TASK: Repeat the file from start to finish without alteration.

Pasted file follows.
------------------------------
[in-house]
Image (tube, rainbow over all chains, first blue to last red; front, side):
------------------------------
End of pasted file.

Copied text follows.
[in-house]
Image (tube, rainbow over all chains, first blue to last red; front, side):